Next, I expect Go Fug Yourself to write a piece on Supernatural that references Marcel Proust and romance novels and all of my obsessions will come together in an explosion of sparkles and rainbows (Go Fug Yourself is also pretty good at addressing my obsessions, from their eerily-similar-to-mine preoccupation with Brenda on the original 90210 [edited to add: I cannot find this on their new, advertisement-heavy layout! Boo!] to their Britney Spears Monologues.)
So, I guess I'll put these blogs on my blog list, seeing as how there's clearly a psychic link there. I should put a permanent link to Bossypants up there, too, seeing as how I've mentioned it so much, despite only having read sections. Oh! Oh! I can also link to Yogurt for the billionth time! [Note: Billion = four]. Because her latest is about a female-written comedy! Ha ha! (Let's see if I can figure out a way to link to her in every post).

Finally, have some pictures of roller derby:


Wednesday, May 4, 2011

Reviews, Literary; Failings, Personal

I've written this and this for The Review Review, a website that reviews, well, reviews. Literary reviews, that is. And lately they've gotten some pretty sweet media attention, from the LA Times, and The motherfucking New Yorker: mostly for this piece by Lynne Barrett, which is succinct advice to aspiring submitters to the literary journals.

The Review Review editor/creator, Becky Tuch, sent all reviewers and interviewers (which included me) a "thank you" email for their contributions after the website received this attention. This of course sent me into a guilt spiral, as the last assignment they gave me was one at which I failed parlously (dude, Blogger, PARLOUSLY is so a word! Go Away, squiggly red lines!). I was sent this issue of Ploughshares to review and failed utterly (oh, so THAT word is okay with you, Blogger?) to do so.

I failed utterly because the stories included in this fiction issue included a story by Charles Baxter, my onetime professor and thesis adviser, and a story by Ethan Rutherford, my onetime MFA cohort. It was edited by Jim Shepard, who wrote a really good introduction to this particular Ploughshares issue about "weirdness" and fiction writing and once said cool things about weirdness and Yogurt's writing when he visited the University of Minnesota and gave a talk, which I meant to go to but forgot what day it was.

Anyway, I was overcome with anxiety about reviewing an issue to which I had several--admittedly, some of them somewhat tenuous--connections. So I employed the tactic easily recognized by all Passive-Aggressives everywhere: I emailed Charlie, Ethan, and Becky and told them about the connection and asked them if they had a problem with it? To which they all sensibly replied that no, of course not, as long as I put a FULL DISCLOSURE: I KNOW SOME OF THESE FOLKS thing on the review.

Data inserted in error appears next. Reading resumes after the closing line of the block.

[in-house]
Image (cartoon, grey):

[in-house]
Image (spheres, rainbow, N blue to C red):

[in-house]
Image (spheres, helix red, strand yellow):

What I was hoping for, in true Passive-Aggressive fashion, was for someone else to read my mind and say: "No, no, I have a problem with it," thus absolving me of all responsibility.


Tuesday, May 3, 2011

Just About to Lose My Mind, Honey, Honey

Really? Really? First this and now this? :

Of course, I discovered these on a shopping expedition during which I bought (and only bought):

1) Diet coke with Splenda
2) Diet coke with Lime
3) Red Vines

Ze judgments, I should not be making zem!

ETA: The above is not entirely true. I also bought a bottle of wine.

Sunday, May 1, 2011

Accidentally Racist Cupcake Arrangement?

The disadvantage to boasting about your fabu skillz/love for baking things is that sometimes you can get asked to bake things. Cupcakes were requested of me, meaning that there was a push-pull between narcissism and laziness:

Narcissism: I love praise and attention! It feels like love!

Laziness: But I'm so laaaaaazzzzzzy.

But desire to please won out, so I made cupcakes! And put them on my awesome stand. I realized afterwards that the way I had arranged them was inadvertently a little racist:


Why are the minority white cupcakes at the TOP of the stand, towering over the majority chocolate cupcakes? Am I trying to visually illustrate apartheid through baked goods?

In truth, I just had some leftover vanilla frosting to use up and made a new batch of chocolate.

Because I'm determined to become a complete cliche/caricature of myself, I made the cupcakes while listening to Lady Gaga. After complete indifference/annoyance when it came to "Born This Way" and general irritation at the Catholic guilt/spirituality/whatever-whatever she is going through right now, I am completely in love with "Judas." I'm gonna have to buy the album when it comes out, aren't I? Damnit, Gaga, I cannot afford this! I caved and bought Britney's Femme Fatale (which is awesome) but her dead eyes and catatonic dancing make me feel weird about it! I don't want another pop diva album that I have ambivalent feelings about right now, please.

Excuse me while I go listen to "Judas" one more time.
There was an error in this gadget